Hard Disk Drive (HDD): SSD (Solid State Disk) vs Traditional (Magnetic disk)? SSD's are great for achieving fast boot times, initial program loading and with programs that thrash the HDD (FL Studio does not thrash your HDD). The biggest factor for music production HDD's is hosting audio files and sound libraries. For most users will need a 1+ TB HDD. While a SSD will load projects faster, you don't load/save projects all that often so we rank a SSD fairly low on this list of priorities. Any traditional 7200 RPM HDD should serve you well, given large SSD's are still prohibitively expensive.

Video Card: Look for a video card with two DVI or DVI + VGA outputs (see also Quiet PC below). This will allow you to run two video monitors. Any modern Video card will perform similarly. FL Studio work-flow is significantly improved with two (or more) video monitors.

OS: Windows 7 64 Bit Home Premium or Higher is known to work very well with FL Studio and, more importantly, peripheral devices. There is no performance or operational impact on FL Studio. If you have no other requirements outside FL Studio, Windows Home Premium runs FL Studio exactly the same as Ultimate OR Windows 8.1 (any edition) will be required if you want more than dual-touch as it delivers full multi-touch performance. Again we recommend the 64 Bit route here.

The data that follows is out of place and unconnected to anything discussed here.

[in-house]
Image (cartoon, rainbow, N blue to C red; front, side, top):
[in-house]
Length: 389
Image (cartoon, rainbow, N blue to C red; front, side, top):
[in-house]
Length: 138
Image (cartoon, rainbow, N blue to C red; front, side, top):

Quiet PC

Having a quiet PC is very important since you need to hear all the sounds in your mix. We recommend browsing the following two sites, they have lots of useful information and can be used to specify components in your shopping list even if you don't build your PC yourself.

www.silentpcreview.com & www.quietpc.com

Generally the main sources of noise are case fans, video card fans, power supply fans and the CPU fan. Mechanical hard drives will make clicking sounds, consider SSDs (Solid State Drive), although very quiet mechanical drives are available and represent much better value for money. Simply opting for low noise versions of each component in your PC need not cost any more money and can have a huge impact on the noise performance.

Setup

The FL Studio manual has a thorough section here on maximizing the performance of your Windows based PC when running FL Studio.